The following is my review of my experiences at British Council in Kraków, Poland. I attended the CELTA program there in November and December of 2011. I’ll break things down into a few separate posts for easy reading, and so potential students of the CELTA can get a taste of this school, the tutors, and the experience in Kraków.
The CELTA (Certificate in English Language Teaching to Adults) Program
Before choosing a program to learn about teaching English, I investigated the plethora of options available to people interested in this career path. I discovered that many of the schools in Ukraine, where I intended to teach, accepted only the CELTA certificate as an educational background. This made my choice easy, but I cannot express how pleased I was with the program.
The CELTA is a very intensive program. As mentioned earlier, it only lasts for a month. Some programs are 5 weeks, and some are longer, but the one I took part in was only 4 weeks. They cram about 3 or 5 months of education into this 4 weeks, however, so those interested in the program should expect time for little else while engaging in the CELTA. We had only a few days off during the program, and a few half-days off. This means that a student of the CELTA has little time for anything but studying, preparing lessons, and actually attending the program.
This was no drawback for me, as I have attended other trainings in the past which had a similar pace. I do issue it as a caution, however, to those who expect an easily-paced and socially-friendly program. You won’t find it in an accelerated program like the CELTA. Even the longer programs, which take place over 2 or 3 months, would still be quite intense, and require a considerable commitment on the part of any student.
CELTA education is divided into several sub-sets of experience for the student. Input sessions are given, which will be a familiar style of learning for most students. These are like interactive lecture/discussions where students receive teaching from their tutors at warp speed. A different topic is covered on each input session, and in a four-week program, there are typically 2 of these per day, lasting 90 minutes to 2 hours each. Another sizable portion of each day is dedicated to teaching practice. This may be done in different ways, depending on the center offering the program, but it usually accounts for about half the in-center hours of the total program. Another sizable portion of each day is spent preparing future lessons, most of which occurs outside the center, or in the center’s computer lab.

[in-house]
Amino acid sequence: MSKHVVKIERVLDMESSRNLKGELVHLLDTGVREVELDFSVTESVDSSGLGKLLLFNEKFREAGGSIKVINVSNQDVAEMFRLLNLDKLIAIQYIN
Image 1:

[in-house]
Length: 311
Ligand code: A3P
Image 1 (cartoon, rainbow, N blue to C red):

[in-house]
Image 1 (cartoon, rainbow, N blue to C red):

The reading required for the program is considerable, and consisted of three books in the program I attended. It is best for the CELTA student to complete all of this reading in advance of the course, as there will be little time to complete it during the course. Different schools may require different reading lists, but the core will consist of books about the finer details of English grammar, how to teach English, and how to teach English grammar.
One advantage of the CELTA program over many competitors is the standardized nature of the training. That may sound odd, considering the way different schools may teach from different books, or the way different schools may organize the schedule of teaching practice, however, each CELTA program is routinely reviewed by evaluators from the Cambridge system (University of Cambridge oversees the program, and its administration at all schools). This is one of many reasons that employers actively seek CELTA graduates. They know what they will be getting: a teacher who received a standardized training approved by a major international university.
The program provides an exemplary background for teachers of English as a foreign language, and covers all the topics that any fledgling teacher will require to hit the ground running in a new career. It may be difficult, fast-paced, and intense, but it is also dynamic, interactive, and state-of-the-art. Students receive a top-notch primer on not only how to educate their students, but how to handle the business of managing a classroom, as well as planning their time to effectively teach each lesson.